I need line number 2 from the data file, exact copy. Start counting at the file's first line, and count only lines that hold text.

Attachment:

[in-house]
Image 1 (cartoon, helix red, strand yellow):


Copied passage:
Image 1 (cartoon, helix red, strand yellow):